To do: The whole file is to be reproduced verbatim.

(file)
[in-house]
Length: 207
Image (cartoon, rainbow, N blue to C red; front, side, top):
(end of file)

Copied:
[in-house]
Length: 207
Image (cartoon, rainbow, N blue to C red; front, side, top):